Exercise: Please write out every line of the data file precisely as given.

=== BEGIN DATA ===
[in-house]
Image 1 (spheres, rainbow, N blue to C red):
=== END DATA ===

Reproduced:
[in-house]
Image 1 (spheres, rainbow, N blue to C red):